businesses than the balance of the entrepreneurs.

--Most entrepreneurs came from trade and industrial education,

followed by agriculture, and then business education.

--One-third of the business owners started with less than $5,000.

Only 21% started with more than $50,000.

--Two-thirds of the business owners reported participating in

further education or training after business startup. (pp. 212-213)

VOCATIONAL EDUCATION AND ENTREPRENEURSHIP EDUCATION ARE COMPLEMENTARY

To be effective in preparing students for a changing society and workplace, vocational education must extend beyond the delivery of occupational knowledge, job skills, and work experience. It must offer students an incentive for thinking creatively about an industry and broaden their understanding of the career opportunities afforded in that industry.

Entrepreneurship education offers students such opportunity by helping them anticipate and respond to change. Students learn that (1) although a job may be successfully accomplished today by performing a given set of tasks, tomorrow an entirely different set of tasks (and skills) may be required; and (2) because businesses are always changing, workers need to find new ways to do given jobs or new ways to do a given job better (Ashmore 1989a). Ashmore promotes brainstorming of potential businesses in the various vocational areas as a means of making students aware of self-employment as another route to success and personal esteem.

The partnerships that typically exist between community business owners and vocational educators offer another benefit to infusing entrepreneurship education in vocational education. Nurturing business creation concepts coincides with the support already provided by business owners who contribute to vocational education by serving on advisory boards and curriculum committees, as classroom speakers and co-op employers.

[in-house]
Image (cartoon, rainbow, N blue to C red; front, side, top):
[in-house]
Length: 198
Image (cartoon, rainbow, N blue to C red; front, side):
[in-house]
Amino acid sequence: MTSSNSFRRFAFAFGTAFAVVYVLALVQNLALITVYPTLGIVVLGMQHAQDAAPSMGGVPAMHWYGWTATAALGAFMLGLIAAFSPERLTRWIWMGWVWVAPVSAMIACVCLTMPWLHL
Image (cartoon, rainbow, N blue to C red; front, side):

PROGRAMS AND PRACTICES

Several curricula to help students learn how to start and run successful businesses are highlighted in the literature. The Business Magnet III course offered at Central High School in Louisville, Kentucky, involves local banks and businesses in teaching students eight key steps to entrepreneurship (Chambers 1989). After students complete these steps, they build a scale model detailing the plans for their hypothetical business startups.

Ocean County Vocational Technical School in Toms River, New Jersey, has initiated a competency-based vocational curricula with basic skills and academic linkages for their entrepreneurial program called COM-LINK. The program uses a student workbook containing study questions, exercises, sample materials, and information sheets on starting a small business (De Maria 1989).

To assist first-time business persons, FIRST BUSINESS GUIDE (Terminello 1991) offers information as well as administrative and operational techniques for one-person enterprises. The five main sections of the guide are business administration; cash and budget management and accounting and bookkeeping; marketing and sales; estimation, project management, and scheduling; and merchandising and inventory.

RECOMMENDATIONS FOR CURRICULUM AND INSTRUCTION

In 1987, a survey was conducted of 1,169 identified entrepreneurial graduates of Minnesota's Technical Institute from the 10 years prior to 1984 to learn the types and sizes of businesses they established and the vocational areas from which they graduated (Minnesota State Council on Vocational and Technical Education 1989). The findings resulted in the following recommendations for curriculum: (1) emphasize business planning, computer applications, managing capital/cash flow, marketing skills, and accounting skills; (2) promote the involvement of vocational program instructors in any business management instruction initiatives across all program areas; and (3) emphasize opportunities for entrepreneurship education strategies to meet the special needs of targeted populations and to promote vocational equity for all students (pp. 4-7).